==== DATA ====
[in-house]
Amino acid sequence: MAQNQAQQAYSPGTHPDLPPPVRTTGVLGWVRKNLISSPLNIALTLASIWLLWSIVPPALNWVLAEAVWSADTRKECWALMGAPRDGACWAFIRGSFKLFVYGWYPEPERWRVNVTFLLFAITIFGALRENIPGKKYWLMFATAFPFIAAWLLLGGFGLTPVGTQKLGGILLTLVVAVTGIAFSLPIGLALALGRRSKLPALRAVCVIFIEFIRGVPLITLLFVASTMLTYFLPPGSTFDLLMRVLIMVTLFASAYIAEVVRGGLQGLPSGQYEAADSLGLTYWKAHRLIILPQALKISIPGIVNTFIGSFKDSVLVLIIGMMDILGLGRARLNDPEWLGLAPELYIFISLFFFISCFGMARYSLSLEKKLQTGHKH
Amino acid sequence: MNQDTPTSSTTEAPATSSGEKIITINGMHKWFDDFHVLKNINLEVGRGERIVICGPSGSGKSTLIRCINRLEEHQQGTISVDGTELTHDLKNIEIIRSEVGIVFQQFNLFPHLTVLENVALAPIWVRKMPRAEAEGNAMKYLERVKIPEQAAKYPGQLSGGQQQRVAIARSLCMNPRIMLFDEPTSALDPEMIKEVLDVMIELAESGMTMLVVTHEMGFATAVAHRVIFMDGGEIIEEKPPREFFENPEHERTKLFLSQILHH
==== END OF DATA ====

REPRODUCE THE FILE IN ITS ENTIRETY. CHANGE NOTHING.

[in-house]
Amino acid sequence: MAQNQAQQAYSPGTHPDLPPPVRTTGVLGWVRKNLISSPLNIALTLASIWLLWSIVPPALNWVLAEAVWSADTRKECWALMGAPRDGACWAFIRGSFKLFVYGWYPEPERWRVNVTFLLFAITIFGALRENIPGKKYWLMFATAFPFIAAWLLLGGFGLTPVGTQKLGGILLTLVVAVTGIAFSLPIGLALALGRRSKLPALRAVCVIFIEFIRGVPLITLLFVASTMLTYFLPPGSTFDLLMRVLIMVTLFASAYIAEVVRGGLQGLPSGQYEAADSLGLTYWKAHRLIILPQALKISIPGIVNTFIGSFKDSVLVLIIGMMDILGLGRARLNDPEWLGLAPELYIFISLFFFISCFGMARYSLSLEKKLQTGHKH
Amino acid sequence: MNQDTPTSSTTEAPATSSGEKIITINGMHKWFDDFHVLKNINLEVGRGERIVICGPSGSGKSTLIRCINRLEEHQQGTISVDGTELTHDLKNIEIIRSEVGIVFQQFNLFPHLTVLENVALAPIWVRKMPRAEAEGNAMKYLERVKIPEQAAKYPGQLSGGQQQRVAIARSLCMNPRIMLFDEPTSALDPEMIKEVLDVMIELAESGMTMLVVTHEMGFATAVAHRVIFMDGGEIIEEKPPREFFENPEHERTKLFLSQILHH